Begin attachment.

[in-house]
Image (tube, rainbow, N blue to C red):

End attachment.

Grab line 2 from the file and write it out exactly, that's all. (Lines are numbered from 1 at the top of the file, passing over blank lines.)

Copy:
Image (tube, rainbow, N blue to C red):